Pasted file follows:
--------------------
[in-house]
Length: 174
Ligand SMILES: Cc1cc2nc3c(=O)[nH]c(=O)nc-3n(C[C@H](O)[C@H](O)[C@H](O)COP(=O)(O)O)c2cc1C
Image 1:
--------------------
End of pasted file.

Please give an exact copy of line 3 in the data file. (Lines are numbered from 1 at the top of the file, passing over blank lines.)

Ligand SMILES: Cc1cc2nc3c(=O)[nH]c(=O)nc-3n(C[C@H](O)[C@H](O)[C@H](O)COP(=O)(O)O)c2cc1C